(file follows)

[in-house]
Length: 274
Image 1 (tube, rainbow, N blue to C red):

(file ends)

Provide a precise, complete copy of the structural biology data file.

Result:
[in-house]
Length: 274
Image 1 (tube, rainbow, N blue to C red):